Certain requirements must be met to obtain spousal maintenance in Texas. It is helpful for divorcing spouses to be familiar with when one spouse may be eligible for alimony and how the length and amount of alimony may be determined during their divorce.
Eligibility for alimony
There are a couple of different ways a divorcing spouse may receive alimony. The divorcing couple can agree to alimony regardless of the circumstances. If the divorcing couple does not agree to alimony, the spouse seeking it can make a request for it. To qualify to receive alimony, the spouse requesting it must first show that they cannot afford to support their minimum reasonable needs. In addition, the paying spouse must have been convicted of family violence or the spouse seeking spousal maintenance must be unable to earn a sufficient income to meet their basic needs for several reasons.
Amount of alimony
The amount of alimony awarded is generally the lesser amount of $5,000 per month or 20% of the paying spouse’s average monthly gross income.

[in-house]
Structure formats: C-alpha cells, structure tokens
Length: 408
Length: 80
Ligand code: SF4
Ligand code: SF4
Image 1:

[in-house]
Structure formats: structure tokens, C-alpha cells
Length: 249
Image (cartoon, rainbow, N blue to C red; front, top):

Duration of alimony
The length of time alimony will be paid depends on the length of the marriage. The duration of alimony for marriages that lasted between 10 and 20 years, and included abuse by the paying spouse, can be up to five years. If the marriage lasted fewer than 10 years, alimony may also be awarded for up to 5 years. If the marriage lasted between 20 and 30 years, alimony may be awarded for up to 7 years. If the marriage lasted longer than 30 years, alimony may be awarded for up to 10 years.
Alimony is an important consideration for many divorcing spouses and many divorces as divorce-related issues such as property division and child support are sorted through. Understanding when a former spouse can receive spousal maintenance, and for how much and how long, can be helpful when spouses decide to divorce.